There are so many old wives’ tales in our craft that you could write an entire book that lists and debunks them. Students constantly bombard me with them, and it makes me wonder: How do these begin?
After a slip of the tongue the other day, I think I have a good idea.
This week I’m assembling a Roman workbench and had a couple woodworking friends over as we drove in the 3” tenons into the benchtop and wedged them in place. The wedges were massive slips of oak that I’d cut earlier in the day.
The weird thing about my wedges was that they each had a thin layer of cork affixed to one edge.
“What’s the cork for?” one guy asked.
“Because the top is so wet and these tenons are so big, the springy cork will allow for some wood movement without the wedges splitting the benchtop,” I replied.
I was, of course, joking. The cork was there because it had been stuck to the piece of scrap I’d grabbed to make the wedges. But the response from the other woodworkers was heads nodding.
Oh crap, I thought. So I quickly admitted that I was joking. The information was false. But my bullcrap had sounded good, and that was the problem.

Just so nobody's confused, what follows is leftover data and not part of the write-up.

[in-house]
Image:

Lots of times, students ask me “why” I am doing a certain operation. If I know the answer I tell them. But if I don’t know, I am quick to say: “I don’t know.” But I know a lot of people who won’t say “I don’t know,” and so they’ll generate a logical but false response. Here’s an example that I’ve heard first-hand many times:
Question: Why do you finish both sides of a tabletop?
Answer: To equalize the moisture exchange on both faces of the board to prevent the board from warping.
The answer sounds reasonable, but it’s completely the opposite of fact. And so the information is absorbed by the student and passed on. And because the information sounds logical, it’s almost impossible to stamp out the falsehood, especially once it’s written down.
So if you know nothing, say nothing.
— Christopher Schwarz